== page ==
As for Arch, the facts do not support plaintiffs' theory. When Arch and American learned that Argonaut had purchased Rockwood's parent, they both deemed it a positive development because it might mean that Lederman had some money that American could pursue. Moreover, the facts do not support plaintiffs' chronology. According to plaintiffs, Arch caused American to abandon the Lederman Lawsuit from late April 2001. However, Arch did not begin its efforts to acquire reinsurance business in general until late October or November 2001, and it did not know about the specific possibility of underwriting reinsurance for Argonaut until late 2001.

Small v. Arch Capital Group, Ltd.

Indik & McNamara, P.C., Philadelphia, PA (Thomas S.
McNamara of the Bar of the State of Pennsylvania and the Bar of the
State of New Jersey, admitted pro hac vice, of counsel), for
appellants.

Foley & Lardner LLP, New York (Peter N. Wang of counsel),
for Arch Capital Group, Ltd. and American Independent
Companies, Inc., respondents.
Pepper Hamilton LLP, Philadelphia, PA (M. Duncan Grant of
the Bar of the State of Pennsylvania and the State of Delaware,
admitted pro hac vice, of counsel), for TDH Capital Partners and
TDH III, L.P., respondents.

Judgment, Supreme Court, New York County (Richard B. Lowe III, J.), entered April 19, 2010, dismissing the complaint and bringing up for review orders, same court and  Justice, entered on or about March 15, 2010, which granted defendants' motions for summary judgment, unanimously affirmed, with costs. Appeal from the aforesaid orders, unanimously dismissed, without costs, as subsumed in the appeal from the judgment.

Plaintiffs failed to raise a triable issue of fact whether defendants breached section 9.10 of the parties' agreement by preventing plaintiff Lewis Small from managing the Lawsuits (as defined in the agreement) and a directors' and officers' liability claim (the D & O claim) under the insurance policies of American Independent Insurance Holding Company, the predecessor to defendant American Independent Companies, Inc.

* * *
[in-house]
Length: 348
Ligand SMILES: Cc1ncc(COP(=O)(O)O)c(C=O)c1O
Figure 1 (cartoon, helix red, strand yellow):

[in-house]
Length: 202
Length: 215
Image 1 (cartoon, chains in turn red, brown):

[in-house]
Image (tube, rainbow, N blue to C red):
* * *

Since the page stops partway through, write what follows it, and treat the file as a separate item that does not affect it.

With respect to the D & O claim, section 9.10 states, in pertinent part, that "Small will continue to assist and manage the Lawsuits." "Lawsuits" are defined in the agreement as "the State Lawsuits together with the Lederman Lawsuits and any other lawsuits or other actions which may arise out of or be in relation to or in connection with such lawsuits." A claim submitted to an insurance company is not a "lawsuit[]," nor is the D & O Claim an "action," within the meaning of the agreement (see Peterson v Continental Cas. Co., 282 F3d 112, 119-120 [2d Cir 2002]).

With respect to the Lawsuits, the only concrete management issues about which plaintiffs complain are that defendants took a long time to agree with Small's decision to replace American's lead counsel in the Lederman Lawsuit and did not agree that certain witnesses should be listed in that lawsuit. However, section 9.10(ii) states, in pertinent part, that "the prior written approval of [American] and [defendants TDH Capital Partners and TDH III, L.P.] will be required for any strategic decisions relating to the Lawsuits, including without limitation . . . the selection or removal of legal counsel." Thus, the plain language of the agreement forecloses plaintiffs' claim about lead counsel. On appeal, plaintiffs concede that listing witnesses is a strategic decision. Accordingly, their claim about listing witnesses is also precluded by the language of the agreement.